Type: Seminar

Distribution: World

Auth: afish@p617.pc (assumed)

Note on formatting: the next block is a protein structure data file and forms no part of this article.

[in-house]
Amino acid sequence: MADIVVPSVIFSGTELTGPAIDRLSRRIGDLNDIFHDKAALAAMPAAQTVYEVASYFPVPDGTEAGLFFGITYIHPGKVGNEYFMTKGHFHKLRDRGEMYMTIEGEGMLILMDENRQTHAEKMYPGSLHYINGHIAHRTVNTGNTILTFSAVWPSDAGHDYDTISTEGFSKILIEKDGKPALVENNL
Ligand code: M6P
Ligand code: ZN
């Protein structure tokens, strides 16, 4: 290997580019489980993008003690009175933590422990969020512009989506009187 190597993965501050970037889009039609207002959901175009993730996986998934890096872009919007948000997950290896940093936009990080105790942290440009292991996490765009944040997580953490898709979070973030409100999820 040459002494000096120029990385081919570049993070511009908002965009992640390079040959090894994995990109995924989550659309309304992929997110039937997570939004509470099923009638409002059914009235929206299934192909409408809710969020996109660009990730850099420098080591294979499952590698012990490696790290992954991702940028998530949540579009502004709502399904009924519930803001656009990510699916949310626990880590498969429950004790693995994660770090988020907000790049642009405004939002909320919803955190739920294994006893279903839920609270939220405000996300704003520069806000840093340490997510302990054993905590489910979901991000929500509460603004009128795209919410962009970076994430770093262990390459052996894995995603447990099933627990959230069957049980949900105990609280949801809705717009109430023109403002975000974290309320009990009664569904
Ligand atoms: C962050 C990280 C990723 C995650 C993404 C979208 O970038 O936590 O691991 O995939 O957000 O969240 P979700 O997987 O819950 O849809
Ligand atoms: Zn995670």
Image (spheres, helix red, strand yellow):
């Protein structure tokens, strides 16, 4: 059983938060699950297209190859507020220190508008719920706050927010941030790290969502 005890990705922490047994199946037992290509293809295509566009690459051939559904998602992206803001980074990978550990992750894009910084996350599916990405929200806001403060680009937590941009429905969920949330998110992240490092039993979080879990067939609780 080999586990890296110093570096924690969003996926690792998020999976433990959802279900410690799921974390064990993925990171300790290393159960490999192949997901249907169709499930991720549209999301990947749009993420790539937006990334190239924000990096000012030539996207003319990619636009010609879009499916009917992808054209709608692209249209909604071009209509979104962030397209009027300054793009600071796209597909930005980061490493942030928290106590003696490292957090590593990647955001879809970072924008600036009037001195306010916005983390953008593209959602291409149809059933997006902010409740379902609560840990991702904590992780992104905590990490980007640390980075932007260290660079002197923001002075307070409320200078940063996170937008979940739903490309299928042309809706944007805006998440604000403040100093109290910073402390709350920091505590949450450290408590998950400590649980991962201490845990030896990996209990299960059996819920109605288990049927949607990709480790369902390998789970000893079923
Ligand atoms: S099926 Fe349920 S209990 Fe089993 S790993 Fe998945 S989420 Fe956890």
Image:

Joint Colloquium: Henrik Kragh Sørensen -- Abel’s exception, history of infinity and cognitive accounts of mathematics: One chance fumbled and another one missed Speaker: Prof. Henrik Kragh Sørensen Time: Fri, 24/01/2014 - 2:00pm - 3:00pm Room: RC-4082, Red Centre Building, UNSW ----------------------------------------------- Title: Abel’s exception, history of infinity and cognitive accounts of mathematics: One chance fumbled and another one missed Abstract: In 1748, Euler initiated a new approach to the "analysis of the infinite" studying functions through their representations by analytic means. These representations included infinite series and products, thereby shifting the focus of analysis from the study of curves to the study of "functions" defined through these means. Euler’s approach proved very successful for the eighteenth century, but beginning in the 1820s doubts and objections began to emerge in the form of Cauchy’s ban of arguments by "the generality of algebra", and of divergent series in particular. This was emphasized by Abel’s observation, that certain behavior familiar for finite numbers of operations ceased to obtain when infinite series were considered. Thus, the intuition so skillfully mastered by Euler was seriously questioned. This development can be said to have come to a head when Weierstrass in 1872 presented his example of an every-where continuous, no-where differentiable function which thus defied basic intuitions about the connections between curves and functions. Importantly, Weierstrass’ example was defined through an infinite series. Over the past two decades, cognitivist accounts have provided us with new insights and perspectives on embodied foundations of basic arithmetic leading on to higher mathematics. In order to argue for the so-called Basic Metaphor of Infinity, proponents of the cognitivist account of conceptual metaphors have invoked arguments drawn from the history of mathematics. Based on the my previous work to historically contextualize Niels Henrik Abel’s (1802–1829) “exception” to a theorem by Augustin-Louis Cauchy (1789–1857), this talk argues that their use of history of mathematics is inadequate and that they actually miss out on a better argument. Special emphasis is given to the reflections about the permissibility of drawing inferences from the finite domain into infinite operations such as series and products. In so doing, I provide both an overview of the standard narrative of rigorization of analysis as well as a historical framework for critically discussing recent cognitive-historical analyses of Abel’s exception to an important theorem by Cauchy and of Weierstrass’ monster function. This will lead to a brief discussion about the relative merits of cognitive-historical analyses in the sense of Núñez et al. as compared to more traditional history of mathematics. ----------------------------------------------- Joint Colloquium web site: http://www.maths.usyd.edu.au/u/SemConf/JointColloquium/index.html